Mental illness: the presence of disorders of thought, mood or behaviourthat may impede the affected person's capacity to behave rationally and in conformity with the law.
Intellectual disability(also known as mental retardation): a condition in which a person's mental capacity has not developed during childhood and adolescence leaving the person less able than average to adapt to independent life and decision-making.
Diminished responsibility: this is a legal rather than medical term and refers to the view that a person affected by a mental disorder may not be held to the same level of accountability as someone who is in possession of their faculties.
Personality disorder (in particular, antisocial or borderline personality disorder): this is not a mental illness that can be treated with drugs or therapy but rather constitutes a behavioural condition in which the affected person can lack empathy and understanding of others and can disregard social and legal conventions.38
"When is someone sane enough to die?"39
Mental disorders can give rise to crimes, can be a contributing factor or may not be directly relevant to the commission of a particular crime. It is the responsibility of the criminal justice system to take account of the mental state of the accused or convicted offender in order to meet both good penological practice but also international human rights standards.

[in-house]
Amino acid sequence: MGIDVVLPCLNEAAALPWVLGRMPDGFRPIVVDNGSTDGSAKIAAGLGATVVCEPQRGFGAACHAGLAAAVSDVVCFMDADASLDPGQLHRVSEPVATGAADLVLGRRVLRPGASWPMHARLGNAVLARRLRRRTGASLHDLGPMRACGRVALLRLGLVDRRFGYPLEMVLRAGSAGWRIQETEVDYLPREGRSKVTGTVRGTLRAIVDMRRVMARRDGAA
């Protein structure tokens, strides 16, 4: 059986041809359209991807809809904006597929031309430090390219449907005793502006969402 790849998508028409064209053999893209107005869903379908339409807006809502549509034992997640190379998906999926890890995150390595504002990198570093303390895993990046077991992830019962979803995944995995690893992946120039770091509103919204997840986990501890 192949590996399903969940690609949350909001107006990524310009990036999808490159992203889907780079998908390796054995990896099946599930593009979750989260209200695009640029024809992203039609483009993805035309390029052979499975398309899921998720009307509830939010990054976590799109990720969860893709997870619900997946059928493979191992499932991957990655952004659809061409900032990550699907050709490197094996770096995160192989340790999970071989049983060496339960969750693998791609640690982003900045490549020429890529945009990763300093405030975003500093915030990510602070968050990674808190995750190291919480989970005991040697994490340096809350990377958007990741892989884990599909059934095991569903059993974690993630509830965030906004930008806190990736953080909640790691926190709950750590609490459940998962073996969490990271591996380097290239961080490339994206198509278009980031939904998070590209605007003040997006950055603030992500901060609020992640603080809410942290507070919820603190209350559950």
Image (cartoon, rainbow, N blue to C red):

Moreover, these factors have to be taken account of at different stages of the judicial process. Mental disorders -- including intellectual disability, delusions, hallucinations,, depression -- as well as temporary mental changes, such as those induced by forms of medication, alcohol or substances affecting mental state, may be relevant to the commission of a crime and the competence of the accused to stand trial; the capacity of the person to withdraw legal appeals; and the fitness of the prisoner to be executed. They may also be relevant in understanding the vulnerability of the accused to police interrogation and pressure to confess.
In assessing these factors, courts frequently draw on the opinions of mental health professionals. However, the lines between mental health and mental illness, and between competence and lack of competence, are not fixed and different health professionals may come to different judgements. The fact that one possible outcome of these determinations could be the death of the prisoner adds considerable pressure to the assessment process.
In addition to assessments of mental state, mental health specialists may be called on to treat prisoners found incompetent, with the ultimate goal of such treatment possibly being the execution of the newly competent prisoner. Again this places the ethics of the health professionals concerned under pressure. The questions of assessing fitness for execution and restoration of competence by medical treatment are two ethical dilemmas that are faced by doctors as a consequence of the death penalty. Amnesty International believes that resolving these dilemmas can best be achieved by abolishing the death penalty and commuting all death sentences to terms of imprisonment.
The aim of this report